Meanwhile, back on the mean streets of NYC, Joanna bumps into an old flame, Alex (Guillaume Canet), while she’s out to grab coffee. Again, we return to the face Keira. She is taken aback, ecstatic, and perplexed. Perplexed is the key, because I grant you that running into an old flame who just happens to be in from Paris and who just happens to specifically be looking for Joanna the very morning after she has begun to suspect her spouse may be unfaithful is more than a miniature contrivance. But Keira sells it. And not just when she says “I think I willed you back into my life.” The WAY she looks when she sees him SAYS that line without her saying it. See what I’m saying? Bravo, Keira. Bravo.

Each one is tempted. Each one makes a different decision. Each one reaches a moment of enlightenment, though one moment is phony and one moment is for the greater good. And even though the movie settles on one of those open endings that has become all the rage, we all know exactly what words were about to be spoken if it had run 5 seconds longer.

"We need to talk."


Andrew K. said...

Aaaah, LAST NIGHT a good movie trapped within a fair movie with one half vividly performed (limitations of the film notwithstanding) and the other half which at least tries.

Try as I might I don't know why Eva Mendes rubs me the wrong way, Worthington is more of a puzzle - fair overall generally, as you say unable to be read here, for better or worse. So that I'm not even invested in the actual relationship that's the crux (or is it?).

Canet and Knightley generally smoulder, though.

Anonymous said...

Oh I almost forgot about this one. The trailer I saw a while ago intrigued me. Ahah, well Keira CAN act some of the time, though I'm kind of bored seeing her everywhere. I think Canet's involvement is what drew me, I haven't seen anything he's in yet but I think I should check out more of his films.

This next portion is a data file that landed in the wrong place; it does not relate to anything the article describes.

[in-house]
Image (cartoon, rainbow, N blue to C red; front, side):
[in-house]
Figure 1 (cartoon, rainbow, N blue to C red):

Anonymous said...

I really like Kiera Knightley. I've liked her ever since I first saw her -- before she became famous -- in Bend it Like Beckham. Thanks for this movie recommendation -- I'm adding it to my list. Great review!

Derek Armstrong said...

"Her jaw juts out like the Santa Monica Pier." A Chicagoan throwing in a spot-on Los Angeles reference. Bravo!

Yep, that summarizes this movie perfectly. It's a rather middling film all told except for the luminous and magnificent way that Knightley and Canet elevate it. I'm wondering if the gender of the writer-director has something to do with this imbalance. If she wanted us to care more about Worthington's part of the story, would she have cast a better actor?

I think Kneightley deserves a huge amount of praise for this performance. I always love a performance that reminds you how important little nuances of expression are in good acting. I always come back to that scene in Birth where the camera is on Nicole Kidman's face for about two minutes straight, and through the most minute adjustments of her expression, we see how the crazy events engulfing her life outside that theater are running through her head as she is forced to take a temporary break from them while watching the performance. Yes, I just hijacked this discussion of Last Night with a discussion of Birth.